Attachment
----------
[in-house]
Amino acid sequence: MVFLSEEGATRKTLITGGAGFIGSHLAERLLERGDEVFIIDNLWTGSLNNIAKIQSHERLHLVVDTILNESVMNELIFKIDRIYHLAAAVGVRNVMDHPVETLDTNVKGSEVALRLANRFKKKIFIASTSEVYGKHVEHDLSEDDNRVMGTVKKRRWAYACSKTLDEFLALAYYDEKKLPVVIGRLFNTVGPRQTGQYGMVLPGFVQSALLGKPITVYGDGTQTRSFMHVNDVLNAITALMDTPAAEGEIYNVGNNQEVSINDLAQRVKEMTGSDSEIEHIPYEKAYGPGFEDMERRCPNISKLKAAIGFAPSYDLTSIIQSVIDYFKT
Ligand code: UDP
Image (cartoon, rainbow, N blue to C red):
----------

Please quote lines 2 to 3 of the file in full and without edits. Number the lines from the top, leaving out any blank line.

Amino acid sequence: MVFLSEEGATRKTLITGGAGFIGSHLAERLLERGDEVFIIDNLWTGSLNNIAKIQSHERLHLVVDTILNESVMNELIFKIDRIYHLAAAVGVRNVMDHPVETLDTNVKGSEVALRLANRFKKKIFIASTSEVYGKHVEHDLSEDDNRVMGTVKKRRWAYACSKTLDEFLALAYYDEKKLPVVIGRLFNTVGPRQTGQYGMVLPGFVQSALLGKPITVYGDGTQTRSFMHVNDVLNAITALMDTPAAEGEIYNVGNNQEVSINDLAQRVKEMTGSDSEIEHIPYEKAYGPGFEDMERRCPNISKLKAAIGFAPSYDLTSIIQSVIDYFKT
Ligand code: UDP